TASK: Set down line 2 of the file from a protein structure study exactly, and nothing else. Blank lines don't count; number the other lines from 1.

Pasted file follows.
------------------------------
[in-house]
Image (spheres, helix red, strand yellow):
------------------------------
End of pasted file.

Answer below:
Image (spheres, helix red, strand yellow):